There are at least four things that may possibly impact the return you receive on fixed annuities:
• Market interest rates
• Budget deficits
• Income tax rates
• Competition between companies
Of these, interest rates probably have the greatest bearing, and this can even be more critical whenever entering a period of rising inflation and higher interest rates. For instance, many annuity companies offer fixed annuities with multi-year guarantees (MYGA) whether rates are falling or rising. When interest rates go up, MYGAs can become even more attractive since their rates climb too (at renewal time).
Budget deficits can also affect your fixed annuities performance. When deficits are high, the government may need to borrow more money to finance its debt. That means it is competing with other borrowers—corporations, municipalities, and you—for the lowest possible interest rate on the money it needs to borrow. This could have the effect of driving interest rates up (but not always as the period from 2008 until now). If you are considering a fixed annuity in such a scenario, get a contract that allows you to participate in rising rates. Alternatively, invest some money this year, wait 12 months and assuming rates have risen, invest in another fixed annuity etc.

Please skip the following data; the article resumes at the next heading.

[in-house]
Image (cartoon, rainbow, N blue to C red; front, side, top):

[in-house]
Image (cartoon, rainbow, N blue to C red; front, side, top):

The earnings on fixed annuities accumulate tax-deferred. This means that you or your beneficiaries will not have to pay income tax until the money is removed from the account. Of course, these annuities are designed for long-term investing, and ordinary federal income taxes and a 10% tax penalty could apply to withdrawals taken prior to age 59½. Should tax rates rise (for example, as a means to close the budget deficit), this makes the money in existing fixed annuities worth less upon withdrawal. It may be a consideration to begin withdrawing funds now if you anticipate being in a higher tax bracket later.
Rate competition between fixed annuity companies can sometimes result in opportunities for you to receive a higher return on your money through bonus rates, but you have to know what to look for. For example, how safe is the company, what is the renewal rate history, what is its Moodys or S&P Financial Strength rating, and what are the withdrawal options? As fixed annuity guarantees and benefits are subject to the claims-paying ability of the annuity company, financial stability is very important to consider.